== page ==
- Paperback: 336 pages
- Publisher: Routledge; 2 edition (November 26, 2009)
- Language: English
- ISBN-10: 0415991854
- ISBN-13: 978-0415991858
- Product Dimensions: 6 x 0.8 x 9 inches
- Shipping Weight: 1.3 pounds (View shipping rates and policies)
- Average Customer Review: 6 customer reviews
- Amazon Best Sellers Rank: #210,112 in Books (See Top 100 in Books)
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Learning, Creating, and Using Knowledge: Concept Maps as Facilitative Tools in Schools and Corporations 2nd Edition
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About the Author
Joseph D. Novak, Professor Emeritus, Cornell University, Education and Biology, is Senior Research Scientist, Florida Institute for Human & Machine Cognition.
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Top customer reviews
It describes how concept maps emerged from educational research in the early 1970’s to make records of what children know. It relates how interviews with children and the identification of concept words and propositions led to the development of concept maps as a means of showing key ideas and their relationships via diagrammatic representation (e.g. think of bubble charts with arrows indicating how different elements are related to one another).
The book explains how concept maps are a good way for teachers to organize knowledge for instruction. It conveys ways such maps are a helpful means for students to find key concepts and principles in lectures, reading and instructional materials. This work also relates concept mapping as a useful approach for companies in representing what they do, how their product/services work, and in making enhancements.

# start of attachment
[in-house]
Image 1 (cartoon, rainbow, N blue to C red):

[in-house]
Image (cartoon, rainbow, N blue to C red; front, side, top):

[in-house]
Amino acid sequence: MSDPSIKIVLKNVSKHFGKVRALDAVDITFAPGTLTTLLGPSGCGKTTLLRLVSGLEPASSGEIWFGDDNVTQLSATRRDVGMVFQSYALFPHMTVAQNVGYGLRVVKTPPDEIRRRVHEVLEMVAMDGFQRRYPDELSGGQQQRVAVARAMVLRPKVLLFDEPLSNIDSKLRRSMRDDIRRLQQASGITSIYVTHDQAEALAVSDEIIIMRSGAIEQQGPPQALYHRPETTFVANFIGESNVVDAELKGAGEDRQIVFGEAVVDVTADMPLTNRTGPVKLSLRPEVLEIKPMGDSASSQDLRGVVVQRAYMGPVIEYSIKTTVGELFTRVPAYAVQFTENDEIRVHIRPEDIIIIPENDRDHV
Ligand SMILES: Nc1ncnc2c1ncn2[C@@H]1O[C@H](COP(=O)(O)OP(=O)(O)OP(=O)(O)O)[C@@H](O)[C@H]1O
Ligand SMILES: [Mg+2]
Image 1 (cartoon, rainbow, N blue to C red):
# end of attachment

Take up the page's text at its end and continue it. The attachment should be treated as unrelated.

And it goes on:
This story unfolds through the respective chapters including (1) an overview of the book, (2) the need for a theory of education, (3) meaningful learning for empowerment, (4) construction of new meanings, (5) Ausubel’s assimilation learning theory, (6) the nature of knowledge and how humans create knowledge, (7) the effective teacher/manager, (8) the context for education/management, (9) evaluation and rewards, and (10) improving education in schools and corporations. Throughout the book, many charts, diagrams, figures and examples help inform the text. In fact, concept maps appear at various points to explain the book and it various aspects. In addition, there are appendices that offer “how to” steps.
As I read more about concept mapping, I was stuck by parallels of this approach with that of the one introduced by Peter Ramus in the 16th century. The Ramus visual learning approach went viral at that time and had a major impact on education and learning (see my review on Walter Ong’s classic book on the subject). Further examination of these parallels could be most interesting and useful in understanding these methods and their effects.
Novak’s book gives an extensive treatment of concept mapping’s origins, rationale, related theory, with some application examples. For a summary of this background as well as more on application also see “Applied Concept Mapping: Capturing, Analyzing, and Organizing Knowledge” by Brian Moon, Robert Hoffman and Novak.
The combination of the CMap software and the book's usage rationale and examples creates a learning environment that has served many situations quite well.
My only disappointment is that the author did not choose the title Learning, Using and Creating Knowledge so that it could truly bring LUCK to all who read it.